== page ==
I came across the Christoffel symbols via the geodesic equation, and I understand the extrinsic form and the intrinsic form and can prove that they are identical:

extrinsic form:

$$\Gamma^{j}_{~ik}=\frac{\partial^2 \vec{\mathbf{r}}}{\partial u^i\partial u^k}\cdot\frac{\partial\vec{\mathbf{r}}}{\partial u^m}\cdot g^{mj} $$

intrinsic form:

$$\Gamma^{j}_{~ik}= \frac{1}{2} \left(\frac{\partial g_{km}}{\partial u^i}+\frac{\partial g_{mi}}{\partial u^k} -\frac{\partial g_{ik}}{\partial u^m} \right)\cdot g^{mj}$$

Now, in context with the covariant derivative there is another version of Christoffel symbols.

I understand that in curvilinear coordinates, in order to get the derivatives of a vector, you have to differentiate the coefficients and the basis vectors

So, (Schutz chapter 5.3)

$$\frac{\partial V}{\partial x^\beta}= \frac{\partial V^\alpha}{\partial x^\beta}\vec{\mathbf{e}}_\alpha + V^\alpha\frac{\partial \vec{\mathbf{e}}_\alpha}{\partial x^\beta}$$

which I understand, but in the next line he writes

$$\frac{\partial \vec{\mathbf{e}}_\alpha}{\partial x^\beta} = \Gamma^{\mu}_{~\alpha\beta}\vec{\mathbf{e}}_\mu$$

which I do not understand. Why is that $\Gamma^{\mu}_{~\alpha\beta}$??

All textbooks I looked at, just define $\Gamma^{\mu}_{~\alpha\beta}$ that way, but what has it to do with the intrinsic and the extrinsic form?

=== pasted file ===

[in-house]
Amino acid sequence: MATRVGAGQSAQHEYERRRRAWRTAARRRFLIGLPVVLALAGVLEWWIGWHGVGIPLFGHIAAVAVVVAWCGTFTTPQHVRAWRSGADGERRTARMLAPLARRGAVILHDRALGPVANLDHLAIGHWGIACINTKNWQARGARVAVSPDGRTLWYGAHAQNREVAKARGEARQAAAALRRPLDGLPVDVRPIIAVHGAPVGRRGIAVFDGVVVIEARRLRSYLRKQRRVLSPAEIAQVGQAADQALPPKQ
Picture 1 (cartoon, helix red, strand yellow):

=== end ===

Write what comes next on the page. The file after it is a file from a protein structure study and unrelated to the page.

Ideally, somebody could please show me how to calculate the intrinsic and/or the extrinsic form from the latter form (or vice versa)

  • $\begingroup$ You labeled this special relativity but these symbols are typically introduced for GR. $\endgroup$
    – Brick
    Commented Dec 29, 2020 at 18:34
  • $\begingroup$ Never mind the names of the indices. Once I understood what I asked I can also formulate it coherently! $\endgroup$
    – Fuzzy
    Commented Dec 29, 2020 at 18:49
  • $\begingroup$ @Brick, personally I think the tag SR fits, in the end Christoffel symbols aren't strictly about GR. $\endgroup$
    – Ratman
    Commented Dec 29, 2020 at 18:50
  • $\begingroup$ The tag "Special Relativity" was added by the moderator, not myself. I had just tagged "Relativity". Is somebody thinking about my question, or just about tags? ;-) $\endgroup$
    – Fuzzy
    Commented Dec 29, 2020 at 18:57